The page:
When photographing wildlife, there are several main criteria that you should aim for with your equipment and we will summarise some of those in this article. The above image of the kangaroo has been captured with a Nikon 300mm f/4 lens, on a Nikon D700 camera.
There are a few important specifications to look for when attempting to photograph wildlife. We have more information on camera specifications for your perusal in our camera review section.
With wildlife photography, high shutter speeds are required, as the subject in many cases may be moving. Also long lenses are generally used and this will require high shutter speeds.
Cameras with the capability for high ISO are very good for wildlife as a higher ISO will give more capability for higher shutter speeds to be used.
FX Versus DX Cameras
The use of a DX camera compared to an FX camera can be a big advantage when using long lenses. The DX camera effectively gives you a multiplication factor of 1.5 times to your lenses and this will give a big advantage when using long lenses for wildlife.
There are several characteristics of lenses which will enable you to get improved wildlife images and some of these are summarised as follows.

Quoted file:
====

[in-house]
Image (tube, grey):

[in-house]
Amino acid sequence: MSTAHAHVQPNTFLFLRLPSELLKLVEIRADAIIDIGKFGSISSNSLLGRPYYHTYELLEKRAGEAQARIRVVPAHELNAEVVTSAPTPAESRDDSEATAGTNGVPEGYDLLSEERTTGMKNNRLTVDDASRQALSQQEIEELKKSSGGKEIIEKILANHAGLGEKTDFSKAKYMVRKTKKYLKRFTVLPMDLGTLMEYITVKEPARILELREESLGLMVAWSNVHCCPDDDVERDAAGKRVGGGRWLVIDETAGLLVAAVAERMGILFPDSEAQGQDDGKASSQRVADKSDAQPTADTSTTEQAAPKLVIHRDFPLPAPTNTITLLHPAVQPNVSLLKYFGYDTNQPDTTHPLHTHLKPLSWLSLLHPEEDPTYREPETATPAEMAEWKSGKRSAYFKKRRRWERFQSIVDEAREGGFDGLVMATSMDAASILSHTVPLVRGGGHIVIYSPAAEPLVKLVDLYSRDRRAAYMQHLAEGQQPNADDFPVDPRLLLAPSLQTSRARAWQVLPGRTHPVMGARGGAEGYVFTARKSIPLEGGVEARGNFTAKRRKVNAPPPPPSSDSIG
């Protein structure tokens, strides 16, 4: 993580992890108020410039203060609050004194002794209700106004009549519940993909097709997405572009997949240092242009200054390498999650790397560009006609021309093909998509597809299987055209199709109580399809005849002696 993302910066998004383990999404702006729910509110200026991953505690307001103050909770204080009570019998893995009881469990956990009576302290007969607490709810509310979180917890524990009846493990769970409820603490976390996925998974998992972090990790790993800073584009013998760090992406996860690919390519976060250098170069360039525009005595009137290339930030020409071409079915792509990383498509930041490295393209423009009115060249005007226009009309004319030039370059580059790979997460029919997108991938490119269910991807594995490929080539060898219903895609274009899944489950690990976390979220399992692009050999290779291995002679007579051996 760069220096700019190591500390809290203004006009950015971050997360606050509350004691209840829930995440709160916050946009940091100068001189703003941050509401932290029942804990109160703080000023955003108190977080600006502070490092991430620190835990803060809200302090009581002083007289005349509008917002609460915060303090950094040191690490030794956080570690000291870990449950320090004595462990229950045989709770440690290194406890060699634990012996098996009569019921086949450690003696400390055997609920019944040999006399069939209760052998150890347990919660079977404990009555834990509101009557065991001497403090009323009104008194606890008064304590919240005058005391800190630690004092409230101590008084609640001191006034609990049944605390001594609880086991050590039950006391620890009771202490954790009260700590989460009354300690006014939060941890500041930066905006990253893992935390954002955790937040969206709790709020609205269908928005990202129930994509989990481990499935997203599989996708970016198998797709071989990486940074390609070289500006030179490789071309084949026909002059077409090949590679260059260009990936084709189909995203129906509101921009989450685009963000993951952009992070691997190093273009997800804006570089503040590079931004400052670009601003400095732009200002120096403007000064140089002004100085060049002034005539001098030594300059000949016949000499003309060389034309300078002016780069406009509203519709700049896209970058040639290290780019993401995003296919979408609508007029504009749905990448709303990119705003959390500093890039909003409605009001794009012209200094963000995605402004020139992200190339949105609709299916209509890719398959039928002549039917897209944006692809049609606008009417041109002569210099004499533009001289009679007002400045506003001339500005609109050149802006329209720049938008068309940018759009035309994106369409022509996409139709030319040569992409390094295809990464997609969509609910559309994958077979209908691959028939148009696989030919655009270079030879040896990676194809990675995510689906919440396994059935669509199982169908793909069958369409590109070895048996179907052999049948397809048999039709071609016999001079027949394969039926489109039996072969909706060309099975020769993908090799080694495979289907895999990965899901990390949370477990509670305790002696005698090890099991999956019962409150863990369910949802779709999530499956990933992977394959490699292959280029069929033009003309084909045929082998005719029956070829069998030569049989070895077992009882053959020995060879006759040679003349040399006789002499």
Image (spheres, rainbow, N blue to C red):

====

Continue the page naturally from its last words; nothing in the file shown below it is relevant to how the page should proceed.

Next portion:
When photographing wildlife such as animals and birds etc., extremely long lenses are required, especially with birds, when photographing birds, lenses never appear to be long enough. For wild life I would generally use a lens of 300mm or longer.
Low Aperture Lenses
Low aperture lenses such as apertures of f/2 to f/4 will assist greatly by allowing you to use your telephoto lenses at much higher shutter speeds.
Vibration Reduction (VR) technology can be an excellent addition to your long lenses, particularly when you are using lenses hand held. With VR functionality it is possible to use lenses with shutter speeds 3 to 4 stops slower than you would normally be able to do.
Tripods can be very useful to stabilise your camera equipment particularly when long lenses are used. The best types of tripod are the carbon fibre construction type and it is best to spend as much as you can afford. One of the better brands is Gitzo.
If a tripod is inconvenient to use, then an excellent fall back option is a good monopod. It is amazing how steady a monopod will enable you to keep your camera when you are using long lenses.
Cable Releases and Remote Camera Control
Sometime when wildlife frequent the same spot regularly remote camera releases can be used to capture the image. This can be done with nesting birds for instance if due care is taken to protect the subject.
Using a Hide or Blind
The use of a hide or blind can be very useful to help you get closer to your wildlife subject.